OLYMPIA — A Spokane County Superior Court judge today sentenced former Spokane County worker Rhonda Sue Ackerman to serve prison time and repay $1,378,541 in stolen public funds, following Attorney General Bob Ferguson’s prosecution of the case. Ackerman pleaded guilty to one count of first-degree theft in October.
Ackerman was employed as a liability claims technician and stole $1.38 million over the course of a decade from Spokane County by filing dozens of fake claims. She then directed the claimants, many of whom were relatives or friends of her son, to cash the checks and deliver the bulk of the funds back to Ackerman. According to the state’s charging documents, Ackerman spent the money on frequent gambling, new cars and lavish gifts.
At a hearing Wednesday afternoon, Judge Raymond Clary sentenced Ackerman to one year and one day in prison, as well as full restitution.
“Justice was done today,” Ferguson said. “This prosecution sends an important message: My prosecutors and I will hold those who engage in public corruption accountable.”
Ackerman was arraigned in October of 2021 for the theft charge. Her fraud scheme was discovered when the County Auditor’s Office found an uncashed check for $8,963.45. The check prompted an internal investigation and a follow-up investigation by the Washington State Auditor, as well as criminal investigations by the Spokane Police Department and Attorney General’s Office. The Internal Revenue Service also conducted a criminal investigation.
Ackerman developed a check-cashing operation to finance her gambling habit. Ackerman conducted this fraud between 2007 and 2016, when she was an employee in Spokane County’s Department of Risk Management. Investigators found that she filed fake claims against Spokane County on behalf of people she knew, and directed them to cash the checks and return most of the money to her.
The 45 “claimants” included relatives, family friends, and friends of her then 18-year-old son. Ms. Ackerman gave each “claimant” $100 to $200 for each check cashed. She gave her son $100 to $300 per check for accompanying his friends to the bank. Investigators found that Ms. Ackerman used the trust and access she had as a liability claims technician and as a parent to run the fraud scheme.
The Attorney General’s Office prosecuted the case after receiving and accepting a referral from the Spokane County Prosecutor’s Office. Under state law and the Washington State Constitution, the Attorney General’s Office cannot investigate or prosecute a criminal violation without receiving and accepting a referral. The Attorney General’s Office often handles cases for county prosecutors when they have a conflict, including when a county employee is alleged to have committed a crime. Consequently, the Attorney General’s Office specializes in handling cases involving public corruption or other malfeasance by public employees.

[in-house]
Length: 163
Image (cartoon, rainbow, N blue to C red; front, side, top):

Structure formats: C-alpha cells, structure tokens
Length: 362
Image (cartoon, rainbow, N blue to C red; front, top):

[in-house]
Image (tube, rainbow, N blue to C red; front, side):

Without accepting a referral, the Attorney General’s Office has no jurisdiction over criminal matters.
The Spokane County Prosecutor’s Office referred the matter to the Attorney General’s Office to avoid conflict of interest, since the suspect and most witnesses in the case were current or former county employees, and the funds were taken from the county.
Assistant Attorney General Barbara Serrano and Paralegal Jennifer Payne handled the case for the state.
Washington’s Attorney General serves the people and the state of Washington. As the state’s largest law firm, the Attorney General’s Office provides legal representation to every state agency, board, and commission in Washington. Additionally, the Office serves the people directly by enforcing consumer protection, civil rights, and environmental protection laws. The Office also prosecutes elder abuse, Medicaid fraud, and handles sexually violent predator cases in 38 of Washington’s 39 counties. Visit www.atg.wa.gov to learn more.
Brionna Aho, Communications Director, (360) 753-2727; Brionna.firstname.lastname@example.org
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